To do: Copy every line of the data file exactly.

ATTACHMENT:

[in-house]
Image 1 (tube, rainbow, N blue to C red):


[in-house]
Image 1 (tube, rainbow, N blue to C red):